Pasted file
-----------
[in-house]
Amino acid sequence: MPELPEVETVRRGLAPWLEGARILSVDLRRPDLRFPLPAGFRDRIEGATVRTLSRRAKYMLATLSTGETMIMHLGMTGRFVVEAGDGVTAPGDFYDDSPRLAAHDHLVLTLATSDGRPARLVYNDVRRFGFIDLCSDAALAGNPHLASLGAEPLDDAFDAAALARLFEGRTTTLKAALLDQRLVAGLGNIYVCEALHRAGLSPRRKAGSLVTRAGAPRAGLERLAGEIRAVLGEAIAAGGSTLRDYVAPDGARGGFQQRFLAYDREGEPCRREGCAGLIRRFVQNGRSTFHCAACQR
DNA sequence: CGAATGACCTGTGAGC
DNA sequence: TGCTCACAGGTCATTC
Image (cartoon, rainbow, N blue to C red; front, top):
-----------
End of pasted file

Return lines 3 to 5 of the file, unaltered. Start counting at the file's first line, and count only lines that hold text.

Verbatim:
DNA sequence: CGAATGACCTGTGAGC
DNA sequence: TGCTCACAGGTCATTC
Image (cartoon, rainbow, N blue to C red; front, top):